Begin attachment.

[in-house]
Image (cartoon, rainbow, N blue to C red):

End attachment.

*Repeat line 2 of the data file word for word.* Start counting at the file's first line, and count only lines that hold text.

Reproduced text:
Image (cartoon, rainbow, N blue to C red):